I’ll admit it. I LOVE STUFF! Always have, always will. But my internship this summer in Alaska has me feeling some strange new sensations I never thought I could feel…like, ‘Thank goodness half of this collection was stolen before I arrived!!!”
I’m here in Metlakatla, AK living on the only Indian Reserve in the state, and working at the Duncan Cottage Museum. Here’s a little background on the museum:
The museum building is the historic home of missionary William Duncan (1831-1918) who worked with the Tsimshian of British Columbia and Alaska for over 60 years. He lead a mass-migration of 823 Tsimshian people from Old Metlakatla, BC to new Metlakatla, AK in 1887. This new location on Annette Island became the Annette Island Indian Reserve in 1891. The same year, Duncan’s cottage was built for him by Tsimshian carpenters and became his base of operations as the community’s religious leader, business manager, primary school teacher, and health care practitioner. After his death, the cottage became a museum (by leaving everything in its place) with a collection consisting of Duncan’s personal belongings.
Though the museum became a national historic site in 1972, it has only functioned to serve the averaged 4,000 tourists who visit Metlakatla/year. Without a mission to serve its local community, and without trained museum professionals to run it, the museum fell into a state of physical and institutional decay. Since 2007, when my supervisor Mique’l became curator, she has been at work to preserve what remains of the collection, and to begin the long and arduous process of turning the Duncan Cottage into a functional museum that serves the people of Metlakatla.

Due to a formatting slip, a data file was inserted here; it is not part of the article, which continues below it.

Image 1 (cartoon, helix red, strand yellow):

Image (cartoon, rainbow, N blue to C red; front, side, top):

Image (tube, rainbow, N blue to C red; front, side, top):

My job while I am here has to do primarily with collections. Much of what was formerly in the museum has walked away over the years, along with the documentation of the collection, and the objects that remain are really in a state of peril. So, in order to find out what we still have in the museum we are conducting a room by room inventory, photographing, rehousing, and entering data into Past Perfect. When we are done with this project, the museum will have a lovely searchable database of every object in the collection complete with images, descriptions, measurements, provenence, condition reports, and locations.
To show you what I mean by ‘peril’, here are a few photos of the state of the objects in the museum when I arrived.
Much of the collection is gone, a fact which would have mortified me just a month ago. But now, as I spend hours at a time cataloging what is left, I cannot help but be thankful. We have so much work to do given the state of the records, and the basic conservation needs of the collection, that we could never finish the project if there were twice as many objects! I NEVER thought I would say it…but thank goodness for sticky fingers!!!
More to come on some of the brighter aspects of this rising institution, including news about our first public programming!